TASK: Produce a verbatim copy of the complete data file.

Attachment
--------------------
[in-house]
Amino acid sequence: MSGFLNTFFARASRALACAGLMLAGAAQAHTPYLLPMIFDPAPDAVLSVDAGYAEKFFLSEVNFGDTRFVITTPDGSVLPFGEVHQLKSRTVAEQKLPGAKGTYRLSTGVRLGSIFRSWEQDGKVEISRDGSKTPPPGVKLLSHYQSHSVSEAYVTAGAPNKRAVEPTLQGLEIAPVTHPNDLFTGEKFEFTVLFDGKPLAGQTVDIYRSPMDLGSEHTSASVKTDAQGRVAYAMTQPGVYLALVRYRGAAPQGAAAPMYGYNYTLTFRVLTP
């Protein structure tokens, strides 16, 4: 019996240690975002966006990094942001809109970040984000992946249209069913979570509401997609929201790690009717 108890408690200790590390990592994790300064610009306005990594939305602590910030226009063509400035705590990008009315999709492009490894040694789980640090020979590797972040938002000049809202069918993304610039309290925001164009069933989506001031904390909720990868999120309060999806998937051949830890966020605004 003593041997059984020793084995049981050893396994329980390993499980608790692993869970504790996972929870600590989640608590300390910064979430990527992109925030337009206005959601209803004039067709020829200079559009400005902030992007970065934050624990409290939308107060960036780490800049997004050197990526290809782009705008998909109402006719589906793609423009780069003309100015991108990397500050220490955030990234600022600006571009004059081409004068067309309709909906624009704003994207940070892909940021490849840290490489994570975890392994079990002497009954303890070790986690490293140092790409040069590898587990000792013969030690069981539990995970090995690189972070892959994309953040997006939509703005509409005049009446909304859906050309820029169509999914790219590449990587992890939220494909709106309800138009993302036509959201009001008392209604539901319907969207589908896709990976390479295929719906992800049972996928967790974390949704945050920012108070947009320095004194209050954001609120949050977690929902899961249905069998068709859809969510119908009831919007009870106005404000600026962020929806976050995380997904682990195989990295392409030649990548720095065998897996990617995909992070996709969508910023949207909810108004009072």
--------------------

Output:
[in-house]
Amino acid sequence: MSGFLNTFFARASRALACAGLMLAGAAQAHTPYLLPMIFDPAPDAVLSVDAGYAEKFFLSEVNFGDTRFVITTPDGSVLPFGEVHQLKSRTVAEQKLPGAKGTYRLSTGVRLGSIFRSWEQDGKVEISRDGSKTPPPGVKLLSHYQSHSVSEAYVTAGAPNKRAVEPTLQGLEIAPVTHPNDLFTGEKFEFTVLFDGKPLAGQTVDIYRSPMDLGSEHTSASVKTDAQGRVAYAMTQPGVYLALVRYRGAAPQGAAAPMYGYNYTLTFRVLTP
């Protein structure tokens, strides 16, 4: 019996240690975002966006990094942001809109970040984000992946249209069913979570509401997609929201790690009717 108890408690200790590390990592994790300064610009306005990594939305602590910030226009063509400035705590990008009315999709492009490894040694789980640090020979590797972040938002000049809202069918993304610039309290925001164009069933989506001031904390909720990868999120309060999806998937051949830890966020605004 003593041997059984020793084995049981050893396994329980390993499980608790692993869970504790996972929870600590989640608590300390910064979430990527992109925030337009206005959601209803004039067709020829200079559009400005902030992007970065934050624990409290939308107060960036780490800049997004050197990526290809782009705008998909109402006719589906793609423009780069003309100015991108990397500050220490955030990234600022600006571009004059081409004068067309309709909906624009704003994207940070892909940021490849840290490489994570975890392994079990002497009954303890070790986690490293140092790409040069590898587990000792013969030690069981539990995970090995690189972070892959994309953040997006939509703005509409005049009446909304859906050309820029169509999914790219590449990587992890939220494909709106309800138009993302036509959201009001008392209604539901319907969207589908896709990976390479295929719906992800049972996928967790974390949704945050920012108070947009320095004194209050954001609120949050977690929902899961249905069998068709859809969510119908009831919007009870106005404000600026962020929806976050995380997904682990195989990295392409030649990548720095065998897996990617995909992070996709969508910023949207909810108004009072």